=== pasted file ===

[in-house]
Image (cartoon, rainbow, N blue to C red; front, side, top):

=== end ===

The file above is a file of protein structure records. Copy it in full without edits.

[in-house]
Image (cartoon, rainbow, N blue to C red; front, side, top):